Tornado Fiction and Fact — Getting Ready for Storm Season

Tornado Fiction and Fact — Getting Ready for Storm Season


Photo credit: NOAA/BrianBill


With the advent of 80-degree temperatures this week comes a reminder that we’re entering storm season in Kane County, and that tornadoes can be devastating byproducts.

Here is some information that might help keep you and your family safe:



Fiction: Lakes, rivers, and mountains protect areas from tornadoes.

Fact: No geographic location is safe from tornadoes. A tornado near Yellowstone National Park left a path of destruction up and down a 10,000 foot mountain.

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Fiction: A tornado causes buildings to “explode” as the tornado passes overhead.
Fact: Violent winds and debris slamming into buildings cause the most structural damage.

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Fiction:  Open windows before a tornado approaches to equalize pressure and minimize damage.

Fact: Virtually all buildings leak. Leave the windows closed. Take shelter immediately. An underground shelter, basement or safe room are the safest places. If none of those options are available, go to a windowless interior room or hallway.

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Fiction: Highway overpasses provide safe shelter from tornadoes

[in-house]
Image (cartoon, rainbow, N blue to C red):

Fact: The area under a highway overpass is very dangerous. If you are in a vehicle, you should immediately seek shelter in a sturdy building.

As a last resort, you can either: (1) stay in the car with the seat belt on. Put your head down below the windows, covering with your hands and a blanket if possible, or (2) if you can safely get noticeably lower than the level of the roadway, exit your car and lie in that area, covering your head with your hands. Your choice should be driven by your specific circumstances.

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Fiction:   It is safe to take shelter in the bathroom, hallway, or closet of a mobile home.

Fact: Mobile homes are not safe during tornadoes! Abandon your mobile home to seek shelter in a sturdy building immediately. If you live in a mobile home, ensure you have a plan in place that identifies the closest sturdy buildings.



The Kane County Office of Emergency Management is a great resource for emergency alerts of all kinds.

An outdoor tornado siren provides warning of approaching danger. Initially designed to warn of air raids, outdoor siren systems have been adapted to warn of natural phenomena such as tornadoes. The limited effectiveness of the outdoor warning siren has led them to be included as part of a multi-faceted public warning system which also includes the NOAA All Hazards Weather Radio system and the Integrated Public Alert and Warning System (IPAWS).

Click here for a link to the Kane County Office of Emergency Management web page for alerts.



Under the category of great minds think alike, the Kane County Chronicle posted this story on its website Wednesday.